7. Anycast can be used to enable forwarding routers that redirect DNS queries.
Anycast is used by routers to allow multiple servers to use the same IP addresses, and to send network communication and messages instead to a specific server. Anycast is used by name servers to show resilience, reduce the impact of DDoS attacks to mitigate them, and share a load.
Anycast improves the resilience of a network because routers can be dynamically configured to redirect traffic to the nearest server. Anycast can redirect traffic to the nearest server if a company disengages a server from its network. The strategy increases the system’s surface area. This exposes the network to security threats and attacks. It helps reduce DDoS attacks by spreading traffic among various servers.
8. Install dedicated DNS appliances
DNS applications, like most network appliances are built to serve a particular purpose. Both software and hardware are designed with security, performance, ease-of-management, and safety in mind. Operating system servers are not equipped with the same capabilities or levels of tuning as dedicated DNS appliances. The benefits of using dedicated DNS applications are similar in nature to other network appliances. They maximize the Random Access Memory (RAM) availability, limit driver requirements, reduce chatter between different networks over interfaces, and limit unnecessary ports.
By leveraging purpose-driven appliances within DNS architecture, it is possible to remove all unnecessary drivers and protocols. This greatly reduces the attack surface. These targeted functionalities allow security features like monitoring and logging to be focused on certain protocols and services. Activities like audit logging and change tracking can be greatly enhanced to target relevant security functions.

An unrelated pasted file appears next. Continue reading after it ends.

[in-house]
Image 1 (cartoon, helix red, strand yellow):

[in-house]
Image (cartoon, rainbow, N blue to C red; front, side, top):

9. Regularly update the DNS server
Cyber adversaries will continue to seek out security holes in DNS server software. DNS is a prime target for attacks because it allows adversaries to use the DNS servers for data exfiltration as well as command and control attacks. These risks highlight the importance of making sure that the DNS server software is up-to-date to protect against attacks. The independent server design can make it difficult to install security updates and updates on time. This is because the process is per-server. A centrally managed solution is the best way to install architecture-wide updates. Organizations must also be proactive when deploying security patches, as DNS servers are resilient, and they do not give warnings if they become outdated.
10. Recursive DNS queries should have a time limit for response
Respondent rate limiting is a technique that allows authoritative name servers to respond quickly to queries from specific IP addresses. Name server programs such as NSD and Knot support a response rate limiting. The response rate limiting is used by a name server to keep track of the number of times it has answered the same question. The response time of the name server increases if the rate is higher than the threshold. The configured threshold will prevent the name server from responding to queries faster than the specified threshold. DDoS attacks are not possible on a name server that is compliant with the response rate limiting.